Video

What We Do & How We Do It

 

CNN en Español hosts Luminar’s VP of Strategy:

Video Translation (English)

In Search of the Latin Vote

Juan Carlos Lopez:
Welcome to the segment of the census and when speaking of elections and we speak of what can happen this year, well a lot of people can think that campaigns simply just knock on your door and they ask you to vote for the candidate now but it is not this way. There is information that is a lot more detailed. There are companies that are looking for it and are presenting it. One of them is Luminar and speaking on the subject of elections and we are going to focus in this case on what happens in Denver. Here to join us is Oscar Padilla, Vice President of Strategies of Luminar. Welcome. Well what are you doing differently in this opportunity before we go to the figures, to know what it is that the voter wants and how far the message has to go.

Oscar Padilla:
Well what Luminar did was that we analyzed the public voter registry that is about 4,000 voters in the Denver region and the metropolitan Denver zone. Of those 4,011, we identified 14% are Latino. That are 58,000 Latinos and we identified that, in relation to our data base of 13 million Latinos.

Juan Carlos Lopez:
Well let’s look to see what some of these numbers say. According to this study done by Luminar, of the voters registered in Denver, 53% are women compared to 47% that are men and this is a national tendency that there are not only more women but that they participate more than men. Of the registered voters, 56% declared themselves as Democrat, 10% registered as Republican, and 33% as independent and this is throughout the Hispanic voters. For what, what is the objective to obtain these figures and what are they demonstrating for someone who may want to campaign for example, in Denver?

Oscar Padilla:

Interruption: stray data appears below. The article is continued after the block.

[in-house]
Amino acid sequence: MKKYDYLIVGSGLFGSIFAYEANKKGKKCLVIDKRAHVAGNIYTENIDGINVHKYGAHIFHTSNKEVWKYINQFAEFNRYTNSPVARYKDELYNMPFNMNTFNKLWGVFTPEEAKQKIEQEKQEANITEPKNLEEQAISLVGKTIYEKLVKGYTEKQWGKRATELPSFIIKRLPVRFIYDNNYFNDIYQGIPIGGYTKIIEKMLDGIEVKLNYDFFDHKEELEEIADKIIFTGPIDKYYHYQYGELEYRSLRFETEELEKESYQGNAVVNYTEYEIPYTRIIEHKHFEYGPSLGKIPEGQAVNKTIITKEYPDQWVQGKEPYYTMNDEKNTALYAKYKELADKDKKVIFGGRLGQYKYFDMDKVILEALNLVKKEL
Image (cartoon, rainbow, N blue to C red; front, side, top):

There are various important points and one of the most important points obviously, is knowing the affiliation of your party but what interests me particularly, and our clients, is not only knowing the affiliation but also knowing the characteristics of that individual, of that voter. For example, if we know that 53, 56% majorly are women, but what are the characteristics of the particular group and we know that the women that vote in the Denver region not only actively vote but prefer to communicate in Spanish.

Juan Carlos Lopez:
The majority of those voters prefer to communicate in Spanish and 47% of the Republicans, 44% sorry, 44% of Republicans, of Democrats, and the 39 of independents, all prefer to be spoken to in Spanish?

Oscar Padilla:
No, no, the, the, since, the majority of voters in Denver are Democrats, 56%, that group prefers majorly to communicate in Spanish, in Spanish. Now, so it would not be the case that you would communicate with them in English and in Spanish. You would just precisely send it in Spanish.

Juan Carlos Lopez:
Who is using this information? How detailed is it? Is there a larger level of detail

Oscar Padilla:
Yes, of course. The detail of party affiliation is one question the other thing that is important is the frequency of the vote. We were able to identify three different types of voters. Super voters which are the ones that vote in municipal, state and presidential elections.

Juan Carlos Lopez:
The ones that always participate, always vote.

Oscar Padilla:
Always participate and then we have middle voters whom usually have the tendency principally to vote in presidential elections and then the ones with low participation whom rarely participate. Now, if I know which ones have medium participation and which ones have low participation, that is where I am going to focus because why I am going to focus on Democrats, whom I already know have an active participation? I am going to look for the ones that are middle or low to convince them towards a party for a good cause.

Juan Carlos Lopez:
And what is clear is that elections are not just a matter of just, well it has not been that long ,but not just a matter of campaigning or just asking people to vote but there is a very clear strategy and it is known where to go, who likes who, and what is the message.

Oscar Padilla:
Yes, why not. The strategy does not just have to be to convince them to vote for my cause but it can also be for donations, it can be that I need them to participate door to door, convince their neighbors to vote.

Juan Carlos Lopez:
It is a very interesting process. Oscar we hope to keep speaking during this electoral process about the information that you all have gathered and analyzed at Luminar. Oscar Padilla, Vice President of Strategies at Luminar joining us here in Washington, the main office is in Denver. Thank you for being “In Direct USA”.

Oscar Padilla:
Thank you very much.

Juan Carlos Lopez:
And we go to commercial with…